LifeCycle of a program – A C++ Perspective

If you have ever wondered how a program written in C++ or any other language finally gets executed on the hardware and gives us the intended results,this is the article for you. This article will give you a high level overview of what happens behind the scenes.

A C++ program is compiled into object code by the compiler. Object code is nothing but the Machine code (binary). A separate file with object code is created for each translation unit in C++. The linker then links these object files together to produce the final executable program. In the old days, compilers generated assembly code on disk which was then converted into object code by the assembler. But compilers today do not generate assembly on disk unless explicitly asked. They might create some form of assembly in memory before generating the object code. Please note that the object code generated by the compiler is very similar to assembly code. It is just that the assembly code has a human readable format.

Syntax related errors are thrown by the compiler. A compiler takes the source code, processes all the pre-processor directives and then proceeds with machine code generation. A compiler does not necessarily check for the definition of objects in the source code. It just looks for their declarations. A compiler assumes that the definitions are present in another translation unit part of the project. It is the linker that checks for the definition of these objects. If it is not able to find them in other translation units, or if it finds multiple definitions of the same object in multiple translation units, it throws a linker error. Please note that it is the compiler that usually catches multiple definitions within a translation unit and throws an error. To learn more about it, please read my article about the One Definition Rule here

Once all the translation units are linked together, a final executable is generated. In Linux, executables are stored in ELF format (Executable and Linkable Format) whereas in Windows, executables are stored in PE format (Portable Executable). Executable files (or programs) when double-clicked, are handled by the OS specific handlers (loaders) to run them as processes. A process is just a running instance of a program. The handler for PE files in Linux is a software called Wine. The executable file contains all the information that the loader will need to create a process out of the program. The header of the executable file contains the virtual address of the first instruction to be executed along with other information.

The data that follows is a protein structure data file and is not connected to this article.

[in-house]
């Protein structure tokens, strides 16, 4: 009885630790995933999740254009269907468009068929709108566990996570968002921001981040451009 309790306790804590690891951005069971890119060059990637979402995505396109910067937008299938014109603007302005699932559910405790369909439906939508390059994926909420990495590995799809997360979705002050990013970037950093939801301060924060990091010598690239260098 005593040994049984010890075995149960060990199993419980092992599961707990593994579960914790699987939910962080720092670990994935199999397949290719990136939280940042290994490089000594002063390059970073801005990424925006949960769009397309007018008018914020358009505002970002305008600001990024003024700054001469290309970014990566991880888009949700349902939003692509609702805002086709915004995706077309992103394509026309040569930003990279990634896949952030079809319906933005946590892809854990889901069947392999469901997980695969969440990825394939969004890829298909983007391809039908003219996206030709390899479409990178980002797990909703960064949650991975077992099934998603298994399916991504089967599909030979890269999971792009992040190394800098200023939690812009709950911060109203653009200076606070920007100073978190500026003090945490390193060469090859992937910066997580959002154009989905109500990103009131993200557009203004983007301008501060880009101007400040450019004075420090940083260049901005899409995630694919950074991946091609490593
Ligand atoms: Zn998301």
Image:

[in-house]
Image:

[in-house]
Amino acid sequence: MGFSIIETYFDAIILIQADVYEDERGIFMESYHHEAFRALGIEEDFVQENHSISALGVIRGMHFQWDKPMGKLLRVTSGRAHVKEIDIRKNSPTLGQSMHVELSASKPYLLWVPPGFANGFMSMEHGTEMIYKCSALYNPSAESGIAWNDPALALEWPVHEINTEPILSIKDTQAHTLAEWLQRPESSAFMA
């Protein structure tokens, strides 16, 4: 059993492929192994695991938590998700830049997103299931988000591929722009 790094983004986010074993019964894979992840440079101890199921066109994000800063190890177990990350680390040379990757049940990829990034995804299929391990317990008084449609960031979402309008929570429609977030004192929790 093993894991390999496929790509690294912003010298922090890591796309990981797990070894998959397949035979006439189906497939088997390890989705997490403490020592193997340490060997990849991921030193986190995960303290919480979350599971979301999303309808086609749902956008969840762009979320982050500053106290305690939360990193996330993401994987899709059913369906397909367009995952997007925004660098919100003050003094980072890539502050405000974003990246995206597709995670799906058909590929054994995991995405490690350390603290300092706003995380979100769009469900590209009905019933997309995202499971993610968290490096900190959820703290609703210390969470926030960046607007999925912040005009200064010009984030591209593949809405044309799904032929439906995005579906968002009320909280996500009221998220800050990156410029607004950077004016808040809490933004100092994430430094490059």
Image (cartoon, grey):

Each process gets a separate Virtual Address Space. In a 64-bit OS, a 64-bit process gets to use a maximum of 8tb of VAS (each memory address is 64 bits long) whereas a 32-bit process gets to use a maximum of 4gb of VAS (each memory address is 32 bits long). The loader parses the executable file and memory maps the content (data segment, code segment etc) along with other dependencies (system files, libraries etc) to form the process’s Virtual Address Space. Compiler and linker may also provide virtual address mapping which may or may not be used by the loader when it lays out the memory in VAS. We can in fact find virtual addresses within the object code of a program which are assigned by the compiler or linker. Please note that compiler and linker are able to provide such addresses (even before a program is loaded in memory) because virtual addresses are not real physical RAM addresses. As far as they are concerned, the program gets to use the entire available memory (which is actually virtual memory) and assigns addresses accordingly.